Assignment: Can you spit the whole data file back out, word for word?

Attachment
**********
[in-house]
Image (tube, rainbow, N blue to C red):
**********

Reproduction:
[in-house]
Image (tube, rainbow, N blue to C red):